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Questions tagged [mathematical-physics]

For questions regarding the mathematical aspects of physics.

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6 votes
1 answer
2k views

How does the science community decide which scientist to credit for a particular discovery?

In the science community there are lots of cases where two or more scientists work on the same ideas or theories. How is it decided which scientist to give credit for a particular discovery? What are ...
7 votes
2 answers
1k views

Who is Rudolf Bach?

I've googled but have not found anything about mathematician Rudolf Bach. In Riemannian or semi-Riemannian geometry such as general relativity, Conformal geometry, Wave propagation theory such as ...
1 vote
1 answer
139 views

Why Isaac Newton published his discoveries so much later than he discovered them?

Principia was completed in 1686 and published in 1687, but he discovered calculus, gravity and laws of motion long before (1665-1666 "Year of Wonders").Is this correct? He wrote book Method ...
7 votes
5 answers
885 views

Were matrix theory and functional analysis well-known to physicists before the invention of matrix mechanics?

Were matrix theory and analysis well-known to physicists circa 1920-1925? Did physicists make extended use of this theory in that period? The question is related to the discussion in How did ...
7 votes
5 answers
381 views

Math concepts introduced by physicists and made rigorous later

I am looking for mathematical concepts (*) which have been introduced by physicists in a non rigorous way (e.g. without a formal definition, without rigorous proofs of the results, etc.) and used to ...
17 votes
5 answers
2k views

What was the motivation for Minkowski spacetime before special relativity?

If I understand correctly, the concept of a Minkowski space/metric was already known before Einstein's paper on special relativity. Was there any physical motivation for studying this type of metric ...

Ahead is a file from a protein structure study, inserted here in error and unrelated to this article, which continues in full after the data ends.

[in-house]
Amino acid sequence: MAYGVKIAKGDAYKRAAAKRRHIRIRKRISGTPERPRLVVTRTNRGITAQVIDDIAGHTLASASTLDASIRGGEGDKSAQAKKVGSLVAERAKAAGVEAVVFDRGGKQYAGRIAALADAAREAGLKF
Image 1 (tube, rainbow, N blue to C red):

0 votes
1 answer
110 views

How did Schrödinger do quantum mechanics with wave functions?

On my way to learn about the very beginning of quantum mechanics and its different formulations, starting with Heisenberg infinite matrices and Schrödinger's wave functions, I can really not find till ...
8 votes
2 answers
1k views

What is Heaviside's version of Maxwell's equations?

I have read, in many places, statements like this: Heaviside was able to greatly simplify Maxwell's 20 equations in 20 variables, replacing them by four equations in two variables. Today we ...
2 votes
1 answer
239 views

Did Euler or did d'Alembert incorporate initial conditions into the solution to the 1D wave equation?

My question is: Who is responsible for incorporating the initial conditions into the one dimensional wave equation solution? References or technical information would be appreciated, especially ...
0 votes
0 answers
111 views

Surface Integrals History

Can't find any information about who and when first used surface/surface area integrals. What was the original motivation? In it's modern form it depends on some relatively modern notations like ...
4 votes
0 answers
165 views

Did Rayleigh or Ritz prove the Rayleigh–Ritz theorem?

The maximum eigenvalue of a real symmetric (or complex Hermitian) matrix is given as the maximum of the associated the quadratic form: $$ \lambda_{\rm max}(A) = \max_{\|x\| = 1} x^*Ax. \tag{1} $$ This ...
8 votes
1 answer
1k views

What was the real need of divergence and curl operators?

As I'm advancing my study in Electromagnetism I'm getting introduced to more mathematical operators which are exclusively used in Electromagnetism and Fluid Dynamics only. Let me try to explain myself ...